Sunday, January 24, 2010

When a painting is almost done.....

Here is a way to try out a change to a painting that is nearing completion.
In the first photo you see the painting.
I am thinking that perhaps this painting needs another branch, but where to place it?
In the second photos you see a piece of colored paper with tape on it, and in the last two photos you see two different placements that I tried out.
Now why would I do this? Well sometimes you have a painting that has so much work in it that if you place a new element in it with paint and don't like it, you have to do quite a bit of work to take it out AND repaint what is behind.
This example is just that - an example.
I would not use a color so different from the painting, but I wanted you to clearly see what to do so I used a very different color. If I were really doing this for myself, I would use a piece of brown paper and I could tell much better how the placement would look.
This is something I developed on my own and when needed, it has been very effective.
I hope it helps you too!

Thursday, January 7, 2010

Fan Brushes

When one is in the art store staring at rows and rows of brushes, it can be overwhelming. I know a lot about brushes, but I too will often just buy new ones to try them out and expand my tools.

Fan brushes always attract the eye when brush shopping because they are so different than most other brushes (I did see a 'brush' made of a bird's wing once in an art store in Santa Fe).
They come in various sizes, but they also are made of different bristle materials and that is what I want to tell you about.

First you can get a fan brush in hog's hair bristles. The bristles are stiff and are good for dragging wet paint that you have applied to get certain effects. I have used this brush to pull paint over the "edge" of a painted cloth and it helps to show the change of direction of the cloth falling over the painted edge. Sometimes I just pull the applied paint while it is still wet and sometimes I use a slightly different color and put it on top of the color already applied.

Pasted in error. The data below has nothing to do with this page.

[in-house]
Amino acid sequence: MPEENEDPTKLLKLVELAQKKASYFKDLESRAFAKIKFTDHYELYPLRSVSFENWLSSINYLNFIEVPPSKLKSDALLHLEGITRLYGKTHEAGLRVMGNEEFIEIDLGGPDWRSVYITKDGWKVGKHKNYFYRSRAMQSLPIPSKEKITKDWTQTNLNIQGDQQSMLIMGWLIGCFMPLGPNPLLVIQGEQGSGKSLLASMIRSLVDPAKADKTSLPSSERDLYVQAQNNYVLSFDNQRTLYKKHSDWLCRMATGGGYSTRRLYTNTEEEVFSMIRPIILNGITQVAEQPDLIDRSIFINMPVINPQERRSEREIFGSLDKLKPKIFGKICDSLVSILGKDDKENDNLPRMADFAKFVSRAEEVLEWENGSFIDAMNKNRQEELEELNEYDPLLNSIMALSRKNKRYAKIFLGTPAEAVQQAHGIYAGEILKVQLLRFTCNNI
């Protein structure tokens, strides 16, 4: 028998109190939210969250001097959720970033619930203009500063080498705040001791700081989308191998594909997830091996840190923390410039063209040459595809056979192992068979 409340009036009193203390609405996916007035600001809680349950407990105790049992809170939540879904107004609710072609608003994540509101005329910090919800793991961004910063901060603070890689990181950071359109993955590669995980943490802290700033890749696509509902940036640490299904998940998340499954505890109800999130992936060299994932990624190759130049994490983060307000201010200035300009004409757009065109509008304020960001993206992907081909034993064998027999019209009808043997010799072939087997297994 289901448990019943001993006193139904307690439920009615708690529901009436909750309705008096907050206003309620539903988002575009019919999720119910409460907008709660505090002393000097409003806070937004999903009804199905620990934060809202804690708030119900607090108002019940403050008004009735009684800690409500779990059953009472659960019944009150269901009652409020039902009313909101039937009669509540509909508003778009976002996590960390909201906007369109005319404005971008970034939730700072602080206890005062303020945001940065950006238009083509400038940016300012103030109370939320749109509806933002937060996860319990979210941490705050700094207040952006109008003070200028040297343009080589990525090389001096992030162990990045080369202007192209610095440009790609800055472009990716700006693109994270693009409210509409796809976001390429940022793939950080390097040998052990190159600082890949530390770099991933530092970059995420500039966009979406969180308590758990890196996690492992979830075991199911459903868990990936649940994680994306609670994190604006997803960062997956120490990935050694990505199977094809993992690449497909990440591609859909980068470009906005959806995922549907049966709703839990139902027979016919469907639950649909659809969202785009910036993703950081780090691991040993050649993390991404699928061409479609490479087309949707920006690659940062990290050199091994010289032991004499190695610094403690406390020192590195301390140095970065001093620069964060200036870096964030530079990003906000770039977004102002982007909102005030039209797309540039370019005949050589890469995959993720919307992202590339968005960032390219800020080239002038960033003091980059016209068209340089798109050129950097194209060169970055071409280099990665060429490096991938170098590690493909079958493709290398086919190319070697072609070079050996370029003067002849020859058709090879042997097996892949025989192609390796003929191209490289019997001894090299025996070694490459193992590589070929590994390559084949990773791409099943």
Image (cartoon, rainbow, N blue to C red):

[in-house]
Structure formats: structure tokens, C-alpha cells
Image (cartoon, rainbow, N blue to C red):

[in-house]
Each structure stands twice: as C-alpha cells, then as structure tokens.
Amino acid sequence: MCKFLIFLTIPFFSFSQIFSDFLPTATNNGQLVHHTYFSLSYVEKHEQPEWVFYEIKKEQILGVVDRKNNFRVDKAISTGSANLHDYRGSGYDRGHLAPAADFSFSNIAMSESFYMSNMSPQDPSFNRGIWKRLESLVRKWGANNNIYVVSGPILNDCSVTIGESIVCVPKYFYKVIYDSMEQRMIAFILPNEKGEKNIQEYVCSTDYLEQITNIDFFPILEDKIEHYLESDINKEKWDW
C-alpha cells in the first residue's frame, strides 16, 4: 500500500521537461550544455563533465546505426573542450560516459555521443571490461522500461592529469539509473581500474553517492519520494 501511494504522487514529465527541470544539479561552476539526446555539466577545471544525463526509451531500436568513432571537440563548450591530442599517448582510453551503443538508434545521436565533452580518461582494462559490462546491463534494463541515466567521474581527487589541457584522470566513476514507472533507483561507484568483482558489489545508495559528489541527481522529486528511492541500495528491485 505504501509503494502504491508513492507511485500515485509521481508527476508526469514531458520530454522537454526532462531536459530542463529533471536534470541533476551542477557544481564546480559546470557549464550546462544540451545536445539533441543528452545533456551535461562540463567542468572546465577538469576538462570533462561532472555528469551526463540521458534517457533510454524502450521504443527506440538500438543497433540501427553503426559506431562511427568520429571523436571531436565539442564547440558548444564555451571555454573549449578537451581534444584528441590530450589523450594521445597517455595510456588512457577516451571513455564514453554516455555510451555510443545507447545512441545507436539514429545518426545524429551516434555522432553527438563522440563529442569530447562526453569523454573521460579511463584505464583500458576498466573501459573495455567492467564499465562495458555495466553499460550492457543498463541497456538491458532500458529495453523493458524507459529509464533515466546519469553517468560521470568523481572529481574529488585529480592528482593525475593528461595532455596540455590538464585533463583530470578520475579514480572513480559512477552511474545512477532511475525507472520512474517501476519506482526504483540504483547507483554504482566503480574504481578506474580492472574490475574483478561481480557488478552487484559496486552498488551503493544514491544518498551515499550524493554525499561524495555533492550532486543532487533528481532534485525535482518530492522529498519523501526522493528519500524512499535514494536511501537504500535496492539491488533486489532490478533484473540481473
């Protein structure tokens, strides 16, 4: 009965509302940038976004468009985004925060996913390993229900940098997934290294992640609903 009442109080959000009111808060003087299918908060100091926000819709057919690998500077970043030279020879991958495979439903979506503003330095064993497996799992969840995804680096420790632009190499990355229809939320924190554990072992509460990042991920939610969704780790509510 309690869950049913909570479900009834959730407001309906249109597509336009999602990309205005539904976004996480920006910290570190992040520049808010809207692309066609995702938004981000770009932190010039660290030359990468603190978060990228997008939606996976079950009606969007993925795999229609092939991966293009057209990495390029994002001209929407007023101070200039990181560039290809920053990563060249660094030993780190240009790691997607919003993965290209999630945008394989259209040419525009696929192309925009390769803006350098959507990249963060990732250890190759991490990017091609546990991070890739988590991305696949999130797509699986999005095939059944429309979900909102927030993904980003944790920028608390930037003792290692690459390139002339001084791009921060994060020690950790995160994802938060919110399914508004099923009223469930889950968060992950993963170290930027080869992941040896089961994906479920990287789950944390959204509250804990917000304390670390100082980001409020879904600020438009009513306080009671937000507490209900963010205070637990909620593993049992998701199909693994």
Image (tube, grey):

Secondly you can get fan brushes made of very soft acrylic bristles. These are not good for the job I mentioned in the above paragraph. They are for blending paint in the most delicate way.

I would suggest you try out these things on a sample board or canvas paper til you get the hang of it.

Also, if you pick paint up off your palette on your fan brush, don't pick up big clumps of paint. You made need to thin the paint down a bit with linseed oil (or whatever medium you are using) so that the paint will flow off the brush easily. You will have to reload the brush often, sometimes with every stroke. Notice that a fan brush is thin and is not made to hold a lot of paint, therefore you have to reload often.

You can use part of the fan brush, the side edges. You don't have to use the whole thing. Sometimes you need to use one of these but the entire fan shape is too much for the job. Just load one side of it and do the job!

Tip: if someone can tell you used a fan brush for effects in your painting that isn't a good thing!
You don't want it to look gimmicky. Keep it subtle.